In addition to the governor's and lawmakers' interest, other stakeholders have been deeply involved, increasing the odds of success, Howard says.
Lawmakers in Colorado, Oregon, Washington and Minnesota are among others exploring similar options, says Howard. Nevada lawmakers passed a bill last year that would have set up a Medicaid buy-in plan, but the Republican governor vetoed it.
"The proposals take on different flavors depending on the state" and what officials are trying to accomplish, she says, whether it's increasing the number of people with insurance, making coverage more affordable or helping states avoid having "bare" counties where no marketplace plans are offered.
New Mexico's bill would target individuals who aren't eligible for Medicaid or Medicare and those who can't get the Affordable Care Act's premium subsidies because their incomes are above 400 percent of the federal poverty level (about $50,000 for one person or $103,000 for a family of four). The plan would also be available to state residents whose immigration status in the U.S. is undocumented.
And the measure would help people like Gutierrez who are vulnerable to the ACA's so-called family glitch. Her husband's $100 monthly premium for single coverage through his employer plan is considered affordable under the law because it costs less than 9.86 percent of their family's income of about $46,000 a year. That makes her ineligible for premium subsidies on the exchange, even though the $800 premium for the two of them through her husband's employer plan far exceeds that affordability percentage. Their three children already have Medicaid coverage.
"Right now, I pay to have the health care, but I can't afford to use it," says Gutierrez.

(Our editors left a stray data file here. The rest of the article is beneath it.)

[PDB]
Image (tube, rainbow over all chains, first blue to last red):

The bill would provide financial assistance from the state, with premiums and cost sharing for people whose incomes are less than 200 percent of the federal poverty level, or $60,340 for a family of five. The new coverage would take effect by January 2021.
Gutierrez, whose family lives in Albuquerque, would be eligible for financial assistance to help her buy into the Medicaid-like plan, while her husband stays on his employer plan. Because their $46,000 annual income is just above 150 percent of the federal poverty level, her monthly premium would likely be about $160 per month for a comprehensive plan with a $150 deductible, according to estimates by Manatt Health, which did the original state analyses of buy-in options that were published before the bills were introduced in January.
New Mexico has high levels of poverty, and 40 percent of New Mexico residents are already enrolled in the state's Medicaid program, compared with about 23 percent nationwide.
"It's the cornerstone" of our health care system, says Colin Baillio, director of policy and communication at Health Action New Mexico, an advocacy group. The legislation would use "those levers that Medicaid has to provide comprehensive coverage and a comprehensive provider network."
The bills were passed by two legislative committees this month, with instructions for further study to examine expanding the buy-in plan to more groups. They now move to two other legislative committees for consideration, Baillio says.